January will be new beginning for Cyprus reunification talks
by Daily Sabah
ISTANBULDec 08, 2016 - 12:00 am GMT+3
by Daily Sabah
Dec 08, 2016 12:00 am
Turkish Republic of Northern Cyprus President Mustafa Akıncı said on Tuesday in Brussels that January will be a vital month for the future of Turkish Cypriots.
Speaking after his meeting with European Parliament (EP) President Martin Schulz, Akıncı spoke of the latest developments on Cyprus talks.
"We have a road map now and we will meet in Geneva on Jan. 9. After the meeting, which will last for three days, a new conference will start and will include Turkey, Greece and the U.K. on Jan. 12," he declared.
Emphasizing his determination on working for peace for Turkish Cypriots, the president said his government has expressed their ultimate goal, which is the protection of the rights of Turkish Cypriots while respecting the rights of others, as well. Akıncı said: "We have expressed equality, freedom and security as being the key elements of a solution, as we don't demand these rights solely for ourselves but also for other people."
Saying that Greek-Cypriot authorities should approach the talks empathetically and with similar feelings and thoughts, Akıncı said if the Greek side; particularly Greek-Cypriot leader Nicos Anastasiades, adopts a similar mindset, they can reach a referendum which will be supported by the Cyprus public and voted on peacefully.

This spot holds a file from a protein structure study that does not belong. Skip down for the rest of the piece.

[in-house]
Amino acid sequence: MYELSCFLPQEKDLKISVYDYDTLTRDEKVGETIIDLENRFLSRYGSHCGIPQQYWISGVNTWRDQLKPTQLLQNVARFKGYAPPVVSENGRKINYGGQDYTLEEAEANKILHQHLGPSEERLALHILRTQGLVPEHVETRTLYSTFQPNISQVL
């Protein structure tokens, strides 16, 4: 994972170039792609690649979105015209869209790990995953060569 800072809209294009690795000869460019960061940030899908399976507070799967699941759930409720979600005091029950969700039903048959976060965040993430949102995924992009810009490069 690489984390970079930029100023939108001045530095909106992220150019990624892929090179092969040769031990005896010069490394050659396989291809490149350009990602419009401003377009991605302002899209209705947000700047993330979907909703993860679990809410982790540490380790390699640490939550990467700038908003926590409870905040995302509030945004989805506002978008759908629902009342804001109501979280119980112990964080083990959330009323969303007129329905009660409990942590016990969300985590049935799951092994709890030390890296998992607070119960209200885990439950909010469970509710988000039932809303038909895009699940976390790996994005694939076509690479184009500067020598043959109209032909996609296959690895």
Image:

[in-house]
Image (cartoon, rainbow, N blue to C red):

During his visit, President Akıncı also had a meeting with EU Foreign Affairs' Chief Federica Mogherini. He is scheduled to meet with the president of the EU Commission, Jean-Claude Juncker, on Dec. 7.
Reunification talks between the Greek and Turkish communities on the island of Cyprus resumed in May 2015 and are expected to be resolved by the end of 2016 with the formation of a federal administration.
The eastern Mediterranean island was divided into two parts with the Turkish Cypriot state in the north and the Greek Cypriot administration in the south after the 1974 military coup which resulted in Turkish intervention as a guarantor power. In 2004, a peace deal was approved by Turkish Cypriots but rejected by Greek Cypriot voters.
Once a final agreement is reached, it will be brought to both the Greek and Turkish Cypriot communities in a referendum.